To the untrained eye, manufacturing appears largely uniform. A factory contains machines, operated by people, who make things. Done. Well, not really. Manufacturing operations actually embody a great deal of diversity. At a high level, there’s a split between “discrete” and “process” manufacturing. In the former, a manufacturer takes discrete parts, listed on a bill of material (BOM), and assembles them into a finished product. Think cars. In “process” operations, the manufacturer follows a recipe or formula, blending ingredients, perhaps in liquid or gaseous form, to make a final product. Think pharmaceuticals.

Manufacturing Production Methodologies

Each mode of manufacturing will need its own, specially adapted form of ERP software. Acumatica Cloud ERP has proven itself able to accommodate both discrete and process manufacturers. Yet, discrete vs. process is just one layer of manufacturing’s heterogeneous nature.

The most common manufacturing methodologies include:

  • Make to stock (MTS)—A manufacturing process that creates finished goods that are placed in stock. When customers order goods, they are delivered from a warehouse containing the stock. This methodology requires software that is good at demand forecasting and inventory replenishment.
  • Make to order (MTO)—Wherein manufacturing processes are scheduled to fulfill specific customer orders. ERP for MTA needs good features for estimating, job costing, BOM integration with Computer Aided Design (CAD) and vendor Request for Quote (RFQ).
  • Assemble to order (ATO)—With ATO, the manufacturer assembles components to fulfill customer orders. ERP in an ATO environment must support demand forecasting, kitting and disassembly and light manufacturing processes.
  • Configure to order (CTO)—A process that builds unique finished goods based on the output of a rules-based product configurator, which is typically part of the ERP solution. The configurator defines the BOM and routing options.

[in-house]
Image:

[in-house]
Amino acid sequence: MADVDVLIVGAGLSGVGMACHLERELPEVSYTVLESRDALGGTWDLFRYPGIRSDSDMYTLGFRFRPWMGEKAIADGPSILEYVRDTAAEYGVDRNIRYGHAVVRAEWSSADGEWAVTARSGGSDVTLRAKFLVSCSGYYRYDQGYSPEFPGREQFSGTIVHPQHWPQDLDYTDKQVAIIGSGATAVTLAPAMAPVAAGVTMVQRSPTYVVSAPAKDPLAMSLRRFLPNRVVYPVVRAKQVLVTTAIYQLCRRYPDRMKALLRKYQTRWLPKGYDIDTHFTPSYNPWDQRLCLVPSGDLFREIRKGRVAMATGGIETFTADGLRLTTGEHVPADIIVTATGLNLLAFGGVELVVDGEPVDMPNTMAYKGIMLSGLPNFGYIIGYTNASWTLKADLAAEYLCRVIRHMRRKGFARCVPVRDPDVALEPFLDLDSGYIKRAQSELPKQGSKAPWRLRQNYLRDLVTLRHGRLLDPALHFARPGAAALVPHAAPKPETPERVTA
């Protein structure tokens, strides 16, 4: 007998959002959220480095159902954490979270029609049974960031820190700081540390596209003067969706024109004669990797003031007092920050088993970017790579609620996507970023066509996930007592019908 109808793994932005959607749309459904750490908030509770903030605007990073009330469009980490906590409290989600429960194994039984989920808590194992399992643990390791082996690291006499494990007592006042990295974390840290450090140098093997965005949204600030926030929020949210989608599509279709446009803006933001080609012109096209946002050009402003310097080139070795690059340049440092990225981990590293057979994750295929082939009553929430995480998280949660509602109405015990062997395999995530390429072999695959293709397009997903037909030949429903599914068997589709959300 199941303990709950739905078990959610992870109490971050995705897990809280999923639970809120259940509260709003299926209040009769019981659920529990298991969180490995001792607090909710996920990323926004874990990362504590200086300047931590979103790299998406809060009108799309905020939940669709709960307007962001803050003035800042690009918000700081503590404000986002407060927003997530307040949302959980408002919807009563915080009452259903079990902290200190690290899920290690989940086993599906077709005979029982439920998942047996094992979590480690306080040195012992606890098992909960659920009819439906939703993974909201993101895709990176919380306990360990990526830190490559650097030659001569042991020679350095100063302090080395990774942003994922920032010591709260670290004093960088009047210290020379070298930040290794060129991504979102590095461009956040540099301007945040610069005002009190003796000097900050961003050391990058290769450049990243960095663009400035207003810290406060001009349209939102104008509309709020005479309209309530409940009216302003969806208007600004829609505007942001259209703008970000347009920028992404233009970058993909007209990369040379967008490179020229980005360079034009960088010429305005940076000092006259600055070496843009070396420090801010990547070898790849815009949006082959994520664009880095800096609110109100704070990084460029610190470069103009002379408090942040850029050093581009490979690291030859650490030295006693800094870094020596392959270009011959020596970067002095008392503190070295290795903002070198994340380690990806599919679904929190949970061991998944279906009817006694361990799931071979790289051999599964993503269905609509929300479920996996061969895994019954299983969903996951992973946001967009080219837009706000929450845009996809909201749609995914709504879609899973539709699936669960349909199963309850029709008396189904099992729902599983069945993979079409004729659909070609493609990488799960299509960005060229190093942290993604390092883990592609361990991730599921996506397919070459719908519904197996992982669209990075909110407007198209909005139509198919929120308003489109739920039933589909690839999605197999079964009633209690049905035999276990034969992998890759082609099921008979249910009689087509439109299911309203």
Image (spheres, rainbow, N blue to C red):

These are just a few of the more prevalent modes of manufacturing. Others include engineer to order (ETO), which involves building products based on customer specifications, remanufacturing (REMAN), which makes new products out of refurbished used parts and job shops, which build products on a per-order basis. Job shops seldom stock parts or raw materials. Other manufacturers follow what is known as a “mixed mode” (MM) approach, where they produce products on both an MTS and MTO basis.

Further dimensions of manufacturing encompass the difference between “continuous flow” and “batch processing.” Continuous flow, also called “Repetitive Manufacturing” (REM) means producing goods in rapid succession. REM usually works using automated assembly and steady state assembly lines or fixed work centers. They continuously produce the same product.

A batch process, in contrast, has manufacturers producing a finite quantity of a products in a production run. Batch processing is common for “process” type of manufacturing, such as the production of a beverage or medicine.

Manufacturing ERP—The Acumatica Way

Acumatica Manufacturing Edition supports multiple manufacturing methodologies including make to stock (MTS), make to order (MTO), engineer to order (ETO), configure to order (CTO), batch process and more. Customers represent every possible specialty in the manufacturing industry including industrial machinery and equipment, electrical and electronics, automotive, fabricated and primary metals, instruments, food and beverage and most recently new sustainability and green manufacturing businesses.

To learn more about how Acumatica can adapt to work with your company’s particular manufacturing methodology, get in touch with us or watch our Acumatica Manufacturing Demo.

Learn More in Our Manufacturing ERP Handbook

If you’re shopping for a new manufacturing ERP platform, you’re probably drowning in information. After weeks of product research, it can be tempting to choose a system based on a gut feeling, or a recommendation from a peer. But now there’s a better way to cut through the marketing hype and determine which kind of ERP will be the best fit for your business.

Read our Manufacturing ERP Handbook to understand industry requirements and general features available in leading manufacturing ERP applications. Download now.

Additional Manufacturing Resources

6 Benefits of Automating Your Procure-to-Pay Processes

Automated Data Capture for Manufacturers: Save Time and Reduce Errors

How MRP Can Work for Your Business